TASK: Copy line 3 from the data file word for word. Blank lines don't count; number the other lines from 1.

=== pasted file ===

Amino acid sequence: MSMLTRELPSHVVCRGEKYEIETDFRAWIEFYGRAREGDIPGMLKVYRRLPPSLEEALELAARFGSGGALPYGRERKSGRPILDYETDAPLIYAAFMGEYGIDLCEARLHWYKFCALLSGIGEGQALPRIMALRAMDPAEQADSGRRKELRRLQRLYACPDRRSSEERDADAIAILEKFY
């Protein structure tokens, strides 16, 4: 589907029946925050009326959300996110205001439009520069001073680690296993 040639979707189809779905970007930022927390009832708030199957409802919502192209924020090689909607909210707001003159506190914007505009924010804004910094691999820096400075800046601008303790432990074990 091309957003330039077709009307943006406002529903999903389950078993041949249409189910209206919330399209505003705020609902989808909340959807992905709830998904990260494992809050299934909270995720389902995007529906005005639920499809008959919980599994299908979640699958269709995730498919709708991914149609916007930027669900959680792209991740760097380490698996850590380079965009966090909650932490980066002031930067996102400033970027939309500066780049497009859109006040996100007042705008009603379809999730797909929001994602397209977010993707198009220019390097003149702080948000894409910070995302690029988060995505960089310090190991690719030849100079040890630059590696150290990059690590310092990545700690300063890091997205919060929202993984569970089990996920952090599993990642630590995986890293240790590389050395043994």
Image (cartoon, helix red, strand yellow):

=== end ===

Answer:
Image (cartoon, helix red, strand yellow):